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"With Great Price" {1}
    by John M. Gaus (Volume 20: Page 210)

Professor Bjork’s history of the Norwegian and Norwegian-American migration to and settlement of the region from the Upper Mississippi Valley to the Pacific coast is marked by a scholarship that is humane and imaginative. His creation from newspapers, letters, interviews, and institutional documents of one of the great stories of American settlement has clearly been guided by an affection and insight free from sentimentality. This we would expect from his earlier Saga in Steel and Concrete. And the reader may learn more not only of the migration of a particular people, of the settlement and growth in complexity of vast regions, of particular romantic, tragic, or inspiring episodes, but also of personally observed routes, rivers, passes, ports, and cities, and remote settlements. He will also, at the end, have light thrown upon the process of “development” in this country, and perhaps therefore have more mature questions to ask himself as to the contemporary and evolving development taking place throughout the world today.

The scope and content of Dr. Bjork’s study is integrated with earlier studies published by the Association, such as those by Qualey and Blegen and of younger scholars such as William Mulder. He is less concerned with the analysis of the conditions in the old country, and hardly at all with the movements to the eastern and Middle Western United States, except in the general interpretation of their significance as “interplay of European heritage and American environment” resulting in “a synthesis that underlies much of American history.” He picks up his story with “one tiny phase,” as he [211] modestly terms it, “of the latter-day volkerwanderung . . . to that part of the North American continent that lies west of the Great Divide,” from California to Alaska, including the Rocky Mountain area, the Great Basin, and the Inland Empire. He begins with gold-rush days in California and the Mormon settlement of Utah (“From Babylon to Zion”). He notes the migration from older Norwegian settlements in the Middle West of those who found frustrations there comparable, in part, to those which had started them or their parents from Norway. He notes the tendency of the Norwegians settling in California and Utah to disperse to found new communities, some mining, but chiefly agricultural, and later in the forests of the Pacific Northwest. By the decade 1890- 1900, the coming of the railroads had changed the conditions of settlement and the economy of the Pacific Northwest, and legislation relating to land and other natural resources as well as business opportunities alike created conditions more favorable to those coming from the older-settled Norwegian-American families of the Middle West than their countrymen in Norway. Dr. Bjork keeps in mind the economic conditions in the East as well as those in the Far West and the interrelations of technology, agriculture, and industry throughout, in his interpretation of the successive movements into Oregon, Washington, British Columbia, and Alaska. His maps locate Norwegian settlement here, as well as in California and Utah earlier.)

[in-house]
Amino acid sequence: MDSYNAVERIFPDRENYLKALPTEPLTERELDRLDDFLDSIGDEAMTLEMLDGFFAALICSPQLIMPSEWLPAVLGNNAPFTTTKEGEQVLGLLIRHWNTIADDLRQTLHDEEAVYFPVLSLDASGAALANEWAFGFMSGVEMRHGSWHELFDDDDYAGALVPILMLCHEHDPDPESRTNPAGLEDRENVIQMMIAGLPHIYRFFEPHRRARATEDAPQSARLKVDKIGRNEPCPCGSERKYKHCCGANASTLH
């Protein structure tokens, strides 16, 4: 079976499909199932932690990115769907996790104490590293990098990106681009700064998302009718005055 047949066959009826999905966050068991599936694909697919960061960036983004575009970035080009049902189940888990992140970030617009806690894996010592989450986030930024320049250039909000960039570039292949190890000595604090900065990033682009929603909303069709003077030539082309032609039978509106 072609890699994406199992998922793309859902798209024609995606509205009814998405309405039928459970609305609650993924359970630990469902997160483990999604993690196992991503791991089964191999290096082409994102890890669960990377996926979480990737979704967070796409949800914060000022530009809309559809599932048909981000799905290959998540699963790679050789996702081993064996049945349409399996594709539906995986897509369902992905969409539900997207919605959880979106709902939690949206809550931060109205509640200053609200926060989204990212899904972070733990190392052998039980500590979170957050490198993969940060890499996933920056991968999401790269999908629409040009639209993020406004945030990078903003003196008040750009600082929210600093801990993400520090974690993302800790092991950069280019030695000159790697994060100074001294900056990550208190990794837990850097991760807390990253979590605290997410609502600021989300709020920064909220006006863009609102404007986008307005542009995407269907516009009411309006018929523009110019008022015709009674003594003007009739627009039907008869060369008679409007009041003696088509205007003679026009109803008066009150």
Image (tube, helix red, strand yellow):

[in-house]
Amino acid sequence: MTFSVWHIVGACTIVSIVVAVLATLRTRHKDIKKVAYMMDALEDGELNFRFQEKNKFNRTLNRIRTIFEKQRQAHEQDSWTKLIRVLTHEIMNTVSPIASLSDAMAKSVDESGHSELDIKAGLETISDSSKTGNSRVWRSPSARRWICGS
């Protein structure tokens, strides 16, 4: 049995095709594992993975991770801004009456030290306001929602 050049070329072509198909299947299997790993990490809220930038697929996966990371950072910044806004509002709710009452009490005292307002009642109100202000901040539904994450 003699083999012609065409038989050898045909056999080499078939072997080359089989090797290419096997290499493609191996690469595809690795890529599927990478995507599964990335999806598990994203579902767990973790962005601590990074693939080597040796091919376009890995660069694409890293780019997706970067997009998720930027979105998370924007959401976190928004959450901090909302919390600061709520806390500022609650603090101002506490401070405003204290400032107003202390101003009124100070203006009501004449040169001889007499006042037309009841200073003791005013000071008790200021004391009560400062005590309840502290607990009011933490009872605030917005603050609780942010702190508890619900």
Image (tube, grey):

Throughout this account there are descriptions of individuals and groups, of particular episodes, and of the founding of institutions. But so important are the ideas and institutions of both a transplanted and an evolving culture, notably the churches, the press, and educational and related associations, that he devotes his final chapters to them - “Planting a New Church,” “Life in the Pacific Northwest,” and “Pattern of Settlement.” Here the interrelations with other Scandinavian people mark a special factor in the story of immigrant life; while the characteristic tensions within the [212] older churches and rise of new doctrines and leaders and the resentment of the churches of the old country at these tendencies parallel the religious life on the frontier throughout our history. The hardness and tragedy and sadnesses balance the creation of new communities and careers, the contributions of skills and creative expression, and the rise of new resources and opportunities. All this Dr. Bjork has conveyed from his long explorations in the records which the piety of both the Norwegian Americans, and loyalties of the settlers of the new regions, now grown into great commonwealths, have preserved, or which he has sought out. Through his book there is the tang of the personal or family or community story, the Emersonian touch of “the meal in the firkin; the milk in the pan; the ballad in the street; the news of the boat . . . the highest spiritual cause lurking, as it always does lurk, in these suburbs and extremities of nature; and the shop, the plough, and the ledger.” Emerson would have liked this book. And we, in our day, may learn from it how rich and complex is the process of “development” and nation building in our own country, more than the physical inputs and outputs and gross national or regional products. With great price purchased we this freedom, and this truth is quietly conveyed in Professor Bjork’s work of scholarship and humane wisdom. May it teach us that technical assistance must be more than technical.


<1> Kenneth O. Bjork, West of the Great Divide: Norwegian Migration to the Pacific Coast, 1847-1893 (Northfield. Minnesota, Norwegian-American Historical Association, 1958. xvi, 671 p. Illustrations and maps. $7.50). This review by Professor Gaus appears in Journal of Economic History, vol. 29, no. (June. 1959), and is here reprinted with permission of the author and tile editors. Ed.


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